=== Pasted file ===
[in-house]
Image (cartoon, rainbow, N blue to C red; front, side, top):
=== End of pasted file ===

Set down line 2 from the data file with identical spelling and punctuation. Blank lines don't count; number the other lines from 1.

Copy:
Image (cartoon, rainbow, N blue to C red; front, side, top):